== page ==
Cardiff, the capital of Wales since 1955. Enclosed between the Old Fort and the ultra-modern waterfront. Today it is not only rugby that attracts tourists but above all its liveliness that you will find especially during the weekend. You will find the streets filled with people who come to shop in the commercial area called the Hayes and have fun in the pubs, bars and live music venues.
Town on a human scale. The first thing that strikes you is that it is all bilingual (English and Welsh and believe me the latter is impossible to understand).
Cardiff is a lively city but at the same time quiet and livable.
We spent two intense days and the children had a lot of fun.
We started the day by going to the port.
The main shopping area of the bay is the Mermaid Quway, full of bars, shops and restaurants. The fulcrum and symbol of Cardiff Bay's redevelopment is the Wales Millennium Center, an architectural masterpiece costing 106 million pounds and made of Welsh slate slabs in shades of purple, green and gray.
Among the many attractions stands out Techniquest: a science and technology museum aimed at children. We spent the whole morning testing instruments and reliving the sensations caused by important atmospheric phenomena.
A visit to the planetarium transported us to another dimension.
And after the whole day, relax in the internal restaurant for the happiness of the children with their surprise lunch boxes.
If there's one thing Cardiff is famous for, it's definitely its castle where even King Charles was made Prince of Wales in his youth. Seeing it above the hill with the red dragon flag and the soldiers with armor at the entrance, it seemed to be inside a fairy tale. The heart of the castle is a medieval keep but it is the parts added later that make the Cardiff Castle a realm of fantasy.
The 50-minute guided tour will take you to discover the interiors, from the winter smoking room in the clock tower, with furniture related to the theme of time, to Lord Bute's bedroom, all mahogany and mirrors which reveals his narcissism with a beautiful statue of St. John the Evangelist and 189 beveled mirrors on the ceiling reflecting the name John in Greek.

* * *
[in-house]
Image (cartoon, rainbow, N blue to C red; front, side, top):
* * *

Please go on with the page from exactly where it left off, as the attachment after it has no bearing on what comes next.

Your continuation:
The center is delightful with its typical pubs, its Gothic churches, the covered Central Market and its British architecture.
At the Central Market you can buy fruit and vegetables and typical products and, if it's a nice day, you can go to Bute Park right next to Cardiff Castle where you will have 2.5 km of green corridor where children and adults can relax.
No problem if there are rainy days because in Cardiff you will find shelter or rather you will be sucked into one of the biggest shopping centers we have ever seen, namely John Lewis…. Where you will be spoiled for choice for shops, supermarkets, restaurants and so on.
To sleep you will find many cheap accommodations.
We found a room with a double bed and a bunk bed for €35 a night.
However, if there is one thing that we have found expensive in all hotels, it is the cost of breakfast. In fact, it is around 12 to 15 pounds each. That's why the night before we went to the supermarket for donuts, biscuits and milk for 4 people for a few pounds.
When you travel and you want to try to save money, you have to find compromises and this is one of many. For us it was better to spend it on a lunch in a dinner than "wasting it" on breakfast.
Cardiff is a really nice town, well connected with many other English cities from London to Bristol and we suggest you visit it and dedicate at least two days to it.
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